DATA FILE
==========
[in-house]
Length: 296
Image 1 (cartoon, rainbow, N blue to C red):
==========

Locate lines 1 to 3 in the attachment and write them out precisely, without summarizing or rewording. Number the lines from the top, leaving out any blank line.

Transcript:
[in-house]
Length: 296
Image 1 (cartoon, rainbow, N blue to C red):